Wikileaks and the new movie The Fifth Estate

There’s a new movie coming out on Oct.18 called The Fifth Estate, starring Benedict Cumberbatch (of Sherlock fame). You might be interested in reading this:

First Letter from Julian Assange to Benedict Cumberbatch Over The Fifth Estate

Julian Assange is the editor and founder of WikiLeaks, and the movie revolves around him (played by Cumberbatch).

The phrase “the fifth estate” plays on a similar phrase, “the fourth estate,” which refers to the press and the news media. Many people have no understanding of the origin of “the fourth estate.” It lies in pre-revolutionary France, when the Estates-General (états généraux) was the (mostly powerless) legislative body of the nation. The Estates-General consisted of three estates (or, more properly, states): the clergy, the nobility, and the bourgeoisie (or the commoners). Referring to the fourth estate was a way of acknowledging the power of the press in affairs of state.

“A Fourth Estate, of Able Editors, springs up; increases and multiplies; irrepressible, incalculable. New Printers, new Journals, and ever new (so prurient is the world), let our Three Hundred curb and consolidate as they can! Loustalot, under the wing of Prudhomme dull-blustering Printer, edits weekly his Revolutions de Paris; in an acrid, emphatic manner. Acrid, corrosive, as the spirit of sloes and copperas, is Marat, Friend of the People; struck already with the fact that the National Assembly, so full of Aristocrats, ‘can do nothing,’ except dissolve itself, and make way for a better; that the Townhall Representatives are little other than babblers and imbeciles, if not even knaves.” (Thomas Carlyle, 1837)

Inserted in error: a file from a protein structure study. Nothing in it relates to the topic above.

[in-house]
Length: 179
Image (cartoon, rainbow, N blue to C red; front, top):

The quotation above comes from The French Revolution: A History, by Thomas Carlyle. It is not a very readable book, having been written in an exuberant and over-wrought style that was apparently very popular at that time. This quotation is often cited as the origin of the phrase “the fourth estate.”

“When the King decided that this hall was a suitable meeting place for the Estates-General, he called in carpenters and painters. They hung the place with velvet and tassels, knocked up some imitation columns and splashed around some gold paint. It was passably splendid, and it was cheap. There were seats to the right and left of the throne for the First and Second Estates; the Commons were to occupy an inadequate number of hard wooden benches at the back.” (Hilary Mantel, 1993)

In her novel A Place of Greater Safety, Mantel paints a rich picture of Paris before and during the Terror. Here (p. 166) the Estates-General are meeting for the first time since 1614, as King Louis XVI tries to pretend he is interested in the will of the people.


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